- Help children build a spiritual vocabulary by the same method you taught them basic vocabulary. Click To Tweet
- Children don’t know the words to use to express their spiritual experiences. Click To Tweet
Last week’s post highlights how important it is to a child to have adult engagement with their most difficult questions. Older children seem to be aware of unexplainable events in their life. To an interested listener, they speak freely, with the attitude that it’s obvious there’s something out there and they have ideas and questions about what that something might be.
Adults can offer a calm presence and a certain comfort level with the contradictions and complexities of a preteen.
We also offer children information when they share their outlook:
There’s a lot of time I think I don’t really necessarily believe there’s life after death right now. I’m pondering, toying around with the idea that once you die it’s done, which would put the end to the point of belief right? But at the same time there’s this nagging, well if it is true, I’m screwed.
If a caregiver has a clear belief system, they can suggest an answer to a child’s questions in alignment with that belief system, although it’s still a good idea to hear the child out and not try to force your own opinions.
The obvious challenge arises when adults aren’t sure what they believe themselves.
If a caregiver isn’t sure, what then? Although saying “I have no idea” to an adult is a perfectly fine response, that can be unsettling to a child because it does not provide a safe boundary.
You might consider responses such as: “Some people think X, others think Y.” “What do you think?” or “That’s a great question. Let’s explore that together and figure it out,” followed by an Internet search, a trip to the library and/or some other sources of information.
- The challenge in discussing spiritual questions arises when adults aren’t sure what they believe themselves. Click to Tweet
- Although saying “I have no idea” to an adult is a perfectly fine response, that can be unsettling to a child. Click to Tweet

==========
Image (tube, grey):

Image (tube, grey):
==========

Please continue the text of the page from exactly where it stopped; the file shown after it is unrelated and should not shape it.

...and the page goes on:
Educator Janet Gonzalez-Mena uses the following analogy to describe the connection between security and boundaries: Imagine driving over a bridge in the dark. If the bridge has no railings we will drive across it slowly and tentatively. But if we see railings on either side of us, we can drive over the bridge with easy confidence. This is how a child feels in regard to limits in his environment.
The repeated experience of exploring in safe surroundings teaches young children that they are not likely to get hurt, that they can trust their caregivers to keep them safe, and that new experiences are enjoyable.
Spiritual exploration is similar.
Yes, it’s hard, but this is what we do: We allow children room to explore while also providing enough boundaries to keep them safe. We dialogue with them and allow them to ask questions… no matter what kinds of questions those might be.
Attending to things of eternal significance is a wide-open field of exploration for children– one in which they want their caregivers to allow them room to explore while also providing enough boundaries to keep them safe. Their curiosity and desire to explore is revealed by their questions: What happens when people die? Why do bad things happen?
Yet those same questions also reveal a desire for adult engagement in that exploration. That adult engagement provides the safety rails.
- Attending to things of eternal significance is a wide-open field of exploration for children. – Click to Tweet
- Children desire adult engagement in their spiritual exploration because you provide the safety rails. – Click to Tweet